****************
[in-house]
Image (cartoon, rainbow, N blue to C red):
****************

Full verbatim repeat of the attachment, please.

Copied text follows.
[in-house]
Image (cartoon, rainbow, N blue to C red):